For those who visit the rock for the first time, note that only some of the quartz deposits on the mountain have a pink hue. Over the years, much of its colour has been washed out due to climate change and many people were left with disappointment after seeing the unusual hue of the minerals instead of the fuchsia pink that images seem to depict. 


The sacred woods of Namal Uyana is Sri Lanka’s largest forest of ironwood trees and is home to rare rose quartz mountains. The historical and geological importance of this site was unnoticed for far too long. It was thanks to Ven. Rahula Thero’s efforts that Naa Mal Uyana received world acclaim for its beauty and cultural heritage. Upon being declared as a National Heritage site under the Department of Wildlife Conservation (DWLC), Namal Uyana became popular among locals and tourists in the recent years. The sacred garden, oriented with an abundance of natural resources and blessed with biodiversity, still remains a remote attraction that is visited by people who love the uncrowded beauty and tranquility of nature.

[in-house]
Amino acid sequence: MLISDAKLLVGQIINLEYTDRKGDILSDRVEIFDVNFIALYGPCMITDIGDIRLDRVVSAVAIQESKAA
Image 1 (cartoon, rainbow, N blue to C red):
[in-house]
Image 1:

Share This Article


1. All comments will be moderated by the Daily FT Web Editor.

2. Comments that are abusive, obscene, incendiary, defamatory or irrelevant will not be published.

3. We may remove hyperlinks within comments.

4. Kindly use a genuine email ID and provide your name.

5. Spamming the comments section under different user names may result in being blacklisted.


Today's Columnists

Fruits, flowers and futile triumphalism at Galle Face?

Wednesday, 19 December 2018

Every morning, I play voyeur and watch that nice neighbourhood uncle pluck flowers to pooja-fy his guardian deities. He is quite religious about it. And industrious to boot. The problem, of course, is that he doesn’t restrict himself to his garden.

Will Kyaukpyu overtake Gwadar and Hambantota?

Wednesday, 19 December 2018

China last month signed a $1.3 billion contract for Myanmar’s Kyaukpyu port project. The figures doing rounds in media in the run up to this port deal were as high as $7.9 billion which had ignited enormous curiosities. The Chinese had been negoti

Things to do in a Democracy when you’re dead…

Tuesday, 18 December 2018

In yesterday’s column, I argued a case for not impeaching the chief executive of the coup that has left our country situation in ruins. At the end of a pitched battle between the forces of unconstitutional ambition on one hand and democratic resist

Tweaking the New Inland Revenue Act (Part II)

Tuesday, 18 December 2018

In the backdrop where the recent amendment to the country’s supreme law is called in question, it may be appropriate to recall that the passage of the new Inland Revenue (IR) Act through Parliament was far more controversial. Nevertheless, the new

Columnists More